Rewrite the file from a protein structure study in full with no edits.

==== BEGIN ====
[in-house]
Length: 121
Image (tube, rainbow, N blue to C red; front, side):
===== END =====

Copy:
[in-house]
Length: 121
Image (tube, rainbow, N blue to C red; front, side):